This entry reflects upon one Cat Jones, a medical cyborg whose heart is fused with an implanted cardioverter/defibrillator (ICD). These are the recommended implants for those that, like Cat, have inherited Long QT Syndrome. This means her heart beat is arrhythmic, too long, and beats less per minute than normal hearts.

This implant monitors her heart rate and if required it will ‘pace’ the heart for her if its rate drops to below 50 bpm, or ‘reboot’ the heart if it shuts down entirely. It is battery powered, requiring a change every five years or after each full defibrillation. It has an onboard memory, and stores information on all of its own and the heart’s activity. It has a wireless transmitter/receiver, allowing external diagnostics to be run without opening the chest cavity.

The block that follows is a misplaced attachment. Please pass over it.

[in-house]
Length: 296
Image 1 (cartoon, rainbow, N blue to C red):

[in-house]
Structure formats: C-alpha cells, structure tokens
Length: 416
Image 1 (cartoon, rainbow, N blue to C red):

My battery-powered girlfriend visited the hospital for her annual diagnostics recently. I learned that heart specialists must now have technical as well as medical knowledge when dealing with these cyborg patients; that instruction manuals for these electronic devices are now a part of medical literature; and that diagnostic devices which monitor the electronic output of her implant now form the basis of her medical care. After the initial diagnosis, she relies more on technicians than on doctors. This is another interesting example of the closing gaps between the human and machine world. Ultimately, it would be better to replace all of Cat’s organs with electronics. This would ensure a long, healthy and efficient life. This is the direction that medical science is taking. Pepperell (1995: 180, cited in Bell 2000: 5) states that: